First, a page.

Office Hours: Monday 1:00 pm - 2 :00 pm
Office Location:   2217 Old CS Building

General Course Description

Artificial Intelligence is a broad and well established field and AI textbooks seem to be getting longer and longer and and often narrowly specialized. Our course attempts t to provide a concise and accessible introduction to the field. It is designed to give a broad, yet in-depth overview of different fields of AI. We will examine the most recognized techniques and algorithms in a rigorous detail. We will also explore trends, areas, and developments of the field in form of lectures based on newest research and applications.


The Essence of Artificial Intelligence
Allison Cawsey
Prentice Hall, 1998

This is a short, not expensive book but not very technical.
We will cover in detail first 3 chapters  and Chapter 5 supplemented by the  Lecture Notes for technical details)
The chapter 7  is supplemented by the Book 2

Course LECTURE NOTES posted in Downloads EXTEND  the material from the book providing TECHNICAL details and are the MAJOR SOURCE for the course.

Book 2

DATA MINING Concepts and Techniques
Jiawei Han, Micheline Kamber
Morgan Kaufman Publishers, 2011
Third Edition

Data Mining
(DM) now also called also BIG DATA is a  multidisciplinary field.
It brings together research and ideas from database technology, machine learning, neural networks, statistics, pattern recognition,  knowledge based systems, information retrieval, high-performance computing, and data visualization.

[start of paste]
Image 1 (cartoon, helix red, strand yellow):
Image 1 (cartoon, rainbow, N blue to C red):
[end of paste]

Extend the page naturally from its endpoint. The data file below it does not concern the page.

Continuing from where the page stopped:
Its main focus is the automated extraction of patterns representing knowledge implicitly stored in large databases,
data warehouses, and other massive information repositories.

Lectures 7-20   cover parts or all of the Machine Learning Algorithms included in  CHAPTERS 6, 7 and CHAPTERS 8, 9
of the Book 2

Do not need to buy the book. You can download detailed slides for Third Edition at  DM SLIDES

Additional Book

LOGICS FOR COMPUTER SCIENCE: Classical  and Non - Classical
Anita Wasilewska
Springer,  2018

We use (Lectures 4, 6)  parts of CHAPTERS 2 and 6

CHAPTER 2: Introduction to Classical Logic

The course outcomes and catalog description are in the official course description page

Student Information

Students ATTENDANCE is the most important, as Lecture Notes serve as an extra textbook for the course and students presentations are integral and as important part of the course design as Professor's lecture.

AI talks in the Department



During the semester you have to complete the following
TWO QUIZZES  -  given in class, 15pts each -  TOTAL 30pts
No make-ups

MIDTERM  65pts   given in class  

PROJECT (it is  an application project- not programming)  - 40 pts
 See the section PROJECT below and Project Description in the Syllabus